Selection Of Proper Trustee Is Key To Administration Of Trust

FEBRUARY 2, 2004 VOLUME 11, NUMBER 31

Although it is important to plan your estate, it is sometimes not enough just to prepare important documents and make reasonable decisions. It is also critical to select a reliable person to administer that estate. While family members may be the best choice, things may not always work out the way you expect or intend.

Alfred and Guadalupe Del Castillo had four children: Albert, Alice, Ralph and Robert. The youngest, Robert, suffered from cerebral palsy and was developmentally disabled. Mr. and Mrs. Del Castillo, as responsible parents established a special needs trust for Robert—in fact, their wills directed that all their assets would be held for Robert’s benefit after they both died.

Son Albert was named as trustee of the special needs trust. Like most parents, Mr. and Mrs. Del Castillo apparently thought family members would be the best at judging what Robert actually needed and at using their money to assist and protect him. They didn’t count on the family warfare that erupted later.

Albert, Alice and Robert all went to see California attorney Robert James Skousen after both parents died. The result of that visit was that Mr. Skousen, representing Alice, secured her appointment as personal representative. As Alice began to administer her mother’s estate, however, conflicts arose between the siblings. Eventually Mr. Skousen, now representing Albert, filed a petition to remove Alice and put Albert in charge of both the estate and the trust.

Over the next several years the two siblings filed charges and countercharges about the administration of the estate and the trust. Albert, through Mr. Skousen, persistently asked for a finding that Robert should not be considered a beneficiary of the trust, since any money distributed to him might be subject to a claim by the state—although that is exactly what a special needs trust is intended to prevent.

While all the legal wrangling proceeded, Robert was first left to live alone in the Del Castillo’s family home for two months, then moved to an assisted living facility. Because Albert refused to distribute any significant portion of the trust’s assets or income for Robert’s benefit, he lived for the next several years on his Supplemental Security Income (SSI) benefit, plus California state subsidy, totaling less than $800 per month. From that, his rent and nearly all living expenses had to be paid, and little outside stimulation or oversight could be provided. Although Alice sought to force distributions for Robert’s benefit, Albert resisted; both siblings filed counter-petitions for conservatorship over Robert in order to gain control over his living arrangements. Of course, if the siblings had gotten along and Albert had simply followed his parents’ apparent wishes to provide for Robert, no court proceedings would have been necessary to secure Robert additional help and services.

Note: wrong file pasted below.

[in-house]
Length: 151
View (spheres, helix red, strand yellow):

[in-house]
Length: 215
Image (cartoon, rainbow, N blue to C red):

The case briefly traveled to the state Court of Appeals, the Nebraska courts (where Albert lives) and California Federal District Court. Each of those courts declined to exert authority over the proceedings, and returned them to the California probate court for resolution. That court ultimately removed Albert as personal representative and trustee, but not before Mr. Skousen’s firm had billed the estate and trust $387,000. A private fiduciary, Patricia Lobello, was appointed to administer the estate and trust, and promptly objected to Albert’s legal accounting, and especially the legal fees.

The California Court of Appeals upheld Albert’s removal as trustee and referred the entire matter to the State Bar of California for a review of Mr. Skousen’s behavior. In a scathing opinion detailing the history of the case and the excesses of the parties and Mr. Skousen, the Court wrote: “The parents, who had established the trust and ordered their estates ostensibly to provide for the extraordinary needs of Robert, would undoubtedly turn over in their graves could they but know that some of the other children have instead squandered a considerable portion of the assets over $300,000, in divisive litigation, marked by finger-pointing, name-calling, personal animosity, self-aggrandizement and misfeasance, at the expense and to the detriment of their disabled sibling.” Indeed. Estate of Del Castillo, January 22, 2004.

What might Mr. and Mrs. Del Castillo done differently to prevent family bickering, abandonment of their disabled son and outrageous legal expenses? More carefully drafted documents might have helped, and it certainly would have been a good idea to discuss their intentions fully with all their children (and grandchildren, for that matter). They might have selected an independent, professional trustee, though there would have been costs associated with that decision, too—but probably not anywhere near the costs ultimately incurred by Albert and Alice in their legal skirmishes.

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